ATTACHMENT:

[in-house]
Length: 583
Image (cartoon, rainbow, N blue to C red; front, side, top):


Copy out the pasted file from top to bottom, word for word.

[in-house]
Length: 583
Image (cartoon, rainbow, N blue to C red; front, side, top):